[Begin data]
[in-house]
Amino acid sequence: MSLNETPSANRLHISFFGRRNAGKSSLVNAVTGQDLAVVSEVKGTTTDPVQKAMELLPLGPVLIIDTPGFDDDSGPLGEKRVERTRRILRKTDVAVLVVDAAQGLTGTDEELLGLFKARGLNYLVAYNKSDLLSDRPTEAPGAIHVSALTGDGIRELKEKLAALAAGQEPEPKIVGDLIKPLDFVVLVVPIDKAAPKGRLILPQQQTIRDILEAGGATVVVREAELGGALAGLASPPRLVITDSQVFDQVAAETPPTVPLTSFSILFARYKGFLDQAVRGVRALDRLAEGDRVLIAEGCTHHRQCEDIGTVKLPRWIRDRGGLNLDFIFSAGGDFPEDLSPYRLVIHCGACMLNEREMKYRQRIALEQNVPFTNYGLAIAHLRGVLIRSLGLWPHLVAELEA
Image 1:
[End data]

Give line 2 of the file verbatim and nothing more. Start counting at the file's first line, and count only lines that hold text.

Amino acid sequence: MSLNETPSANRLHISFFGRRNAGKSSLVNAVTGQDLAVVSEVKGTTTDPVQKAMELLPLGPVLIIDTPGFDDDSGPLGEKRVERTRRILRKTDVAVLVVDAAQGLTGTDEELLGLFKARGLNYLVAYNKSDLLSDRPTEAPGAIHVSALTGDGIRELKEKLAALAAGQEPEPKIVGDLIKPLDFVVLVVPIDKAAPKGRLILPQQQTIRDILEAGGATVVVREAELGGALAGLASPPRLVITDSQVFDQVAAETPPTVPLTSFSILFARYKGFLDQAVRGVRALDRLAEGDRVLIAEGCTHHRQCEDIGTVKLPRWIRDRGGLNLDFIFSAGGDFPEDLSPYRLVIHCGACMLNEREMKYRQRIALEQNVPFTNYGLAIAHLRGVLIRSLGLWPHLVAELEA